Barring last-minute considerations, the President, Major General Muhammadu Buhari (retd.), will arrive Owerri, the Imo State capital, today. If the officials of the Indigenous People of Biafra have their way with the sit-at-home order they asked the state residents to observe, it is possible that Buhari’s motorcade will drive through mostly emptied streets. Also, the events organised in his honour likely scaled back to prevent any embarrassing breakdown in law and order. According to IPOB, Buhari is not welcome to any part of “Biafraland”, and everyone must stay away from any event meant to honour him. Knowing how much brutality IPOB has now used to enforce their increasingly frequent sit-at-home orders, it will be hard for anyone to defy them. Compliance with the directive to dishonour Buhari will thus be near-total. But the question is, does Buhari even care?
Buhari has been a politician long enough to know that presidential visits are a clown show that you still have to pay an audience to watch. Otherwise, who has the time? Even in the best of situations, it is hard for anyone to put aside the pursuit of their daily bread to go welcome a president. The non-political elites who appear at the venues where they host presidents are only there because someone would press rolls of naira into their hands later. Already, presidential visits are even a logistical nuisance and a massive disruption to people’s schedules. Many people would rather do without it for their entire lives.
The folks who need presidential visits are the state governors and their fellow politicians, who have to be there just so they can appear to the public as ultimately relevant in the scheme of things. Each time the President proposes to visit a state in Nigeria, the governor prepares all kinds of projects for inauguration by the presidential visit. They could have done without the ceremony, but those projects are not considered valid until they become a photo op. In short, a presidential visit is for everybody in the state except for the people who actually live there. Denying the people of the state their right to free movement in order to show Buhari that he is not welcome in Owerri is therefore a waste of time. Neither the man nor his hosts fully reckon with the existence of anyone outside their coterie enough to miss their absence.
Of course, what is at stake here with the IPOB declaration is much more than the directive to people not to leave their homes. On a broader level, it is also a contest of political legitimacy between the governors and the political class who embody democratic authority and IPOB leaders who seek to delegitimise and usurp that authority. The politicians, on their part, find themselves in a quandary. They have to play the politics of loyalty to the President, the man who holds all the political power in Nigeria and can determine their destiny. That is why someone like Dave Umahi of Ebonyi State sucks up to political power. Umahi, grovelling before the almighty power of Aso Rock, went as far as claiming to have prayed for another president with a “kind heart” like Buhari come 2023. At the same time, these governors are also compelled to acknowledge the disaffection of their people who, like most Nigerians, are disenchanted with the current regime.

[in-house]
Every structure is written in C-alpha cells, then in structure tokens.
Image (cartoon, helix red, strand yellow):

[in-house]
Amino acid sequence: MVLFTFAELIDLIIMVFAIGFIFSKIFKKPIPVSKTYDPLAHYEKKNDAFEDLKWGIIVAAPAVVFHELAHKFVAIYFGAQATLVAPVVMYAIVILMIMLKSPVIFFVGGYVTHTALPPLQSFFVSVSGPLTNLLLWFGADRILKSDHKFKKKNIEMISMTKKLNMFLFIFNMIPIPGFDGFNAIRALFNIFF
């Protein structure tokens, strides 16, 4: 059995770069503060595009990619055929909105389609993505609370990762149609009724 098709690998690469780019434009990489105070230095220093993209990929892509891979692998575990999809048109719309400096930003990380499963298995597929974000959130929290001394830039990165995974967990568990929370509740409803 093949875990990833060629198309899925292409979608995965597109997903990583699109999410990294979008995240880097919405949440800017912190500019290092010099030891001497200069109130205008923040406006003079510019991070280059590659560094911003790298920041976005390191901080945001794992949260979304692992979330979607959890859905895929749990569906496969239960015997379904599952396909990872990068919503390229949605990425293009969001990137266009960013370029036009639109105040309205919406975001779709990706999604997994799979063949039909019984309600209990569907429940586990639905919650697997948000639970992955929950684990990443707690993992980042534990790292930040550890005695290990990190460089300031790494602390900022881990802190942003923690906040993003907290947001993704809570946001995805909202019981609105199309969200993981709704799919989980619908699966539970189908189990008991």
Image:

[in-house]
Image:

On the other hand, IPOB has been pushing to assert itself as a shadow government and has not been shy in using violence to achieve that aim. Although they once represented the face of political resistance to a repressive national order, they have gradually morphed. They have moved from agitating against the excessive power abuse held by the Nigerian state they no longer consider legitimate to attacking the very people they should be protecting. For instance, who do they suppose would be hurt by their latest stay-at-home order? It cannot be Buhari; the man is impervious to the very existence of Nigerians. The victims of this muscle-flexing by IPOB are the ordinary people, from the heads of families who have to fend for a living to the schoolchildren who, unfortunately, will miss another day of learning. Why take people through such massive inconvenience to their lives just to disgrace Buhari? It makes no difference to the man, and the same people who should be shielded from him are only being victimised. IPOB needs to develop strategies that will register their dissent and which do not include depriving the people of their basic rights.